This year my students have been having a blast learning their multiplication facts. They compete against themselves on mad minute tests, graph their progress, and celebrate moving from one set of facts to the next. They work through a binder full of challenging multiplication puzzles and games. They’re having fun NOW, but before they could do that, we worked for weeks on developing conceptual understanding of multiplication. This class has me wondering: when it comes to basic math facts, which is more important: conceptual understanding or fluency?
Concept for the Win
One thing I know for sure this year: my students have a solid understanding of multiplication. They can solve multiplication word problems, draw pictures to show their understanding, use different problem-solving strategies, and have great discussions with their peers about multiplication concepts. I am proud of them for the work they have done, and I love listening to them explain their thinking. I am especially happy that they seem to like math when they’re working on multiplication! Since I know their understanding on state testing will be measured through word problems and not basic algorithms, I am a happy teacher. This is why concept wins over fluency.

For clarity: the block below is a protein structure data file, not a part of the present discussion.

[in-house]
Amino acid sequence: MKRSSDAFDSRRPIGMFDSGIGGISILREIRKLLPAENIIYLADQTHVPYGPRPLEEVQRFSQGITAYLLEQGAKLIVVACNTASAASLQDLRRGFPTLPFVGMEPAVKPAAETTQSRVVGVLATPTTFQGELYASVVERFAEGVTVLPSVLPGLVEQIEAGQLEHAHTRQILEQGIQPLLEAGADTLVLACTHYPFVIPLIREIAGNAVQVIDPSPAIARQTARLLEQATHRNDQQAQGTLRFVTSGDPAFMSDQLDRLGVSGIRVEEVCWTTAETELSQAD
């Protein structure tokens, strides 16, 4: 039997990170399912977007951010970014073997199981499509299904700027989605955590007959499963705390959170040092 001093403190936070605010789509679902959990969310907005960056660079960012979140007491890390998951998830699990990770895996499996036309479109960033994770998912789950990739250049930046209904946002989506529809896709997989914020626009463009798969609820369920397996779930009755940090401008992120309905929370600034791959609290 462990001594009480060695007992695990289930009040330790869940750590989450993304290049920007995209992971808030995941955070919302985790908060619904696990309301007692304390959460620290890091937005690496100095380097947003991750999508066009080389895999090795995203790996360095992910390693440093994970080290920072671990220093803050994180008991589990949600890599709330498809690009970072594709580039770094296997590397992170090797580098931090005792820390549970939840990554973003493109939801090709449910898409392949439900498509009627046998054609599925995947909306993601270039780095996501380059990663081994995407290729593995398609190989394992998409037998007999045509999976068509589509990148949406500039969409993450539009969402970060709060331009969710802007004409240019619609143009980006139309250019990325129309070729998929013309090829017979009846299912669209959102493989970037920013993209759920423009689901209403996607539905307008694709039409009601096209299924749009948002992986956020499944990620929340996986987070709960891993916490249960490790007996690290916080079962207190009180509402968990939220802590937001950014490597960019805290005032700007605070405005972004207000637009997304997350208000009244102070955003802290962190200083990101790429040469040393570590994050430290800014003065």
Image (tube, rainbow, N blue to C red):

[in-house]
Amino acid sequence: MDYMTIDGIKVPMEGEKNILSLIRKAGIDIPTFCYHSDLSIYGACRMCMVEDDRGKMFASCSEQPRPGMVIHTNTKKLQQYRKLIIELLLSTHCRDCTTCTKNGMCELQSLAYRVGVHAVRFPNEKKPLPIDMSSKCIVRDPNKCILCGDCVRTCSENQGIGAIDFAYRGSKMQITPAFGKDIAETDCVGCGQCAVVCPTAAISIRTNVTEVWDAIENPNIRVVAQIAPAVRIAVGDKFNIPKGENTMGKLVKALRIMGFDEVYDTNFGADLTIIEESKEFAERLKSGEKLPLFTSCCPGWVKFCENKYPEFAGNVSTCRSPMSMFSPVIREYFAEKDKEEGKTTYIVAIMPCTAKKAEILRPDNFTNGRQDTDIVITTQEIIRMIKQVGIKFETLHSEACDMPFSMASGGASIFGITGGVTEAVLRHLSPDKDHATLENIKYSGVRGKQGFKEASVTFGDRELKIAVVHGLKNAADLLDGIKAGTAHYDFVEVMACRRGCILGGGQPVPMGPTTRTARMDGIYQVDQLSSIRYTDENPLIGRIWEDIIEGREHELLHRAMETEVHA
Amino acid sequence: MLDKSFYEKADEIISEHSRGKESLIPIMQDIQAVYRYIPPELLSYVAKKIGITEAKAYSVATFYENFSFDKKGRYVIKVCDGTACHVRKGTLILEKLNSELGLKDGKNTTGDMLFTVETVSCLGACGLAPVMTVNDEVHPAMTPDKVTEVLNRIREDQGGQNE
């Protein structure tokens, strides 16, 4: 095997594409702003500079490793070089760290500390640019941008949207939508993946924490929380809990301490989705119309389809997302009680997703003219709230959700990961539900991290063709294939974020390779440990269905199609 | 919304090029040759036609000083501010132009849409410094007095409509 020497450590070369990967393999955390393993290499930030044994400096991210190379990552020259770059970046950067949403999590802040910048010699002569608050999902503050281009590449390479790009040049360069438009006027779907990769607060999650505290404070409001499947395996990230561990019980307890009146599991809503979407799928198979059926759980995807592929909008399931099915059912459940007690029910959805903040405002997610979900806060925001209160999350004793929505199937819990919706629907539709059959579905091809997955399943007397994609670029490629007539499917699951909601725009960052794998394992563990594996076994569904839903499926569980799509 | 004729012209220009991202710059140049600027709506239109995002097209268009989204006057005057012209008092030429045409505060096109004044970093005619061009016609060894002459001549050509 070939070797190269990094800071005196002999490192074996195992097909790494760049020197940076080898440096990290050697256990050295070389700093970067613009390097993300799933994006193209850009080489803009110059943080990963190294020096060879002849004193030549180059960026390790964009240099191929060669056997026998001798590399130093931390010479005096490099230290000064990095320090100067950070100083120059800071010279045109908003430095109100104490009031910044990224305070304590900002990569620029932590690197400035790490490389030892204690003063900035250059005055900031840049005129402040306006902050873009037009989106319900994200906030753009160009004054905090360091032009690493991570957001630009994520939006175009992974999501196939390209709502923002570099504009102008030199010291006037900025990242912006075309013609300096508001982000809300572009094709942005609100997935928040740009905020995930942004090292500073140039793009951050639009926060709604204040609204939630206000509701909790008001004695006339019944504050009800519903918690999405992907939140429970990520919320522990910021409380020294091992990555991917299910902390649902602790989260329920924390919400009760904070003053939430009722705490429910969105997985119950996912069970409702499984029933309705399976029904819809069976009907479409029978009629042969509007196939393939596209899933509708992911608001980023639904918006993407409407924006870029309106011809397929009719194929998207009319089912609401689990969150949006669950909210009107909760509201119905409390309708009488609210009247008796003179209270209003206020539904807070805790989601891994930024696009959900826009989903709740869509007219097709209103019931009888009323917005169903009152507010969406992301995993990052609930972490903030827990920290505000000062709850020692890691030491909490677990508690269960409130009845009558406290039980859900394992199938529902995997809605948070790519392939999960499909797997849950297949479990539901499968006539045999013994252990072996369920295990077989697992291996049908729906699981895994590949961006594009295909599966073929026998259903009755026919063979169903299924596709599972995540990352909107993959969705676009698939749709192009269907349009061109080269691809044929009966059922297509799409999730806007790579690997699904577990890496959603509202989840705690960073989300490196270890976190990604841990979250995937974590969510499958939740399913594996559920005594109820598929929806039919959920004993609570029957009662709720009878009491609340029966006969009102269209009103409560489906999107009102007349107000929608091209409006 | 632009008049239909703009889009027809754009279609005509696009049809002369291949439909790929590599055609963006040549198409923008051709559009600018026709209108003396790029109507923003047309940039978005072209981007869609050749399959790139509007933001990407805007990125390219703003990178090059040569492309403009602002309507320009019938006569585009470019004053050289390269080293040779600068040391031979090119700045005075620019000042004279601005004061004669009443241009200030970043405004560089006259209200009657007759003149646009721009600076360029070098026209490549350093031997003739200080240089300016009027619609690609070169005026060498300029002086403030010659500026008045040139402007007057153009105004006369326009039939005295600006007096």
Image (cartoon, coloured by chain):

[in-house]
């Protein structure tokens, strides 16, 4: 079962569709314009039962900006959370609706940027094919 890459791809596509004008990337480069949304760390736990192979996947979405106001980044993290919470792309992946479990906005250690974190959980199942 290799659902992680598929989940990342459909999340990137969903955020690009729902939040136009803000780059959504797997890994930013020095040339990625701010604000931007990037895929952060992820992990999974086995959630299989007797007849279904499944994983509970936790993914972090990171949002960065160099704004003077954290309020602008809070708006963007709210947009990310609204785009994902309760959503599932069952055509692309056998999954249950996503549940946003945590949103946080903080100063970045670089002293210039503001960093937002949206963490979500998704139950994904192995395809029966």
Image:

Fluency for the Win
But we are teachers, not testers. As much as we want them to do well on that state test, our students need to memorize their multiplication facts, and the only way to do that is with practice. Outside the classroom, their math skills will not be put to the test through complex word problems. They can’t draw a picture to solve every real-world mathematical dilemma. Their employers will not wait for them to decompose bigger numbers in order to make it easier to solve problems. This goes for basic addition and subtraction as well. When I see students using their fingers to count and solve 7 + 8, I cry a little inside. Real world application: this is why fluency wins over concept.
And The Winner Is…
Conceptual understanding and basic fact fluency are equally important! Even taking standardized testing out of the equation, students need to have an understanding of multiplication. It’s important for them to know that 5 x 7 represents five groups of seven items. I also believe that, once they understand the concept, it makes them even more motivated to memorize the fact tables. They can connect the facts to prior learning and real-world application. Fluency and understanding have to lean on each other to create the strongest knowledge base for our students.